The number of people saving for their retirement in the UK has dropped to an all-time low, according to a new report by pensions and investments firm …
The number of people saving for their retirement in the UK has dropped to an all-time low, according to a new report by pensions and investments firm Scottish Widows.
Less than half (45 per cent) of those who should be preparing for their older years – those aged 30 or over and earning at least £10,000 a year – are not doing so.
In the study – which surveyed 5,200 UK adults – one-fifth of people admitted to not saving anything at all for their retirement, while more than a third revealed they are not saving enough.
The annual income people would feel comfortable living on at 70 years old has also increase over the last year, with the findings revealing it is now £25,200 – up from £24,500 in 2012.
Based on this year's average savings levels, people retiring at 65 could receive less than half the amount they feel they need. The total pot for an average saver would stant at £122,000, which would provide an annual pension of £3,860. With the addition of the state pension this would produce a yearly income of around £11,400, which is significantly less than the £25,200 individuals believe they need.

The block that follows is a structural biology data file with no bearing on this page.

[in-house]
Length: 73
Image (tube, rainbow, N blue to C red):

Worryingly, the research also found people are entering retirement owing large amounts of money, including loans, mortgages and credit card debt. Almost 5.3 million (24 per cent) of people aged over 50 have a mortgage, a quarter are lumbered with credit card debt and one in ten (eight per cent) have an unsecured loan.
Of those who have already retired, a third (32 per cent) are still paying off debts and excluding mortgage debt, the average amount owed is £5,682.
Ian Naismith, pensions expert at Scottish Widows, said: "We are being hit with a triple-whammy of, firstly, continued economic uncertainty making it difficult to save for the long-term; secondly the age of first-time buyers rising as we face troubles getting on the property ladder and thirdly an ageing population."
Mr Naismith believes these three factors are creating a "perfect storm" for those heading towards retirement.
By Joe White